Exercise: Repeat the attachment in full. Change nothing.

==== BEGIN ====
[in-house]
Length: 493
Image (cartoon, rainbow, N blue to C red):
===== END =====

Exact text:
[in-house]
Length: 493
Image (cartoon, rainbow, N blue to C red):